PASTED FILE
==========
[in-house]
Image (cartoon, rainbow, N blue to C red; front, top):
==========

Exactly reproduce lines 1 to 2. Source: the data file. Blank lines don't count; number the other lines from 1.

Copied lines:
[in-house]
Image (cartoon, rainbow, N blue to C red; front, top):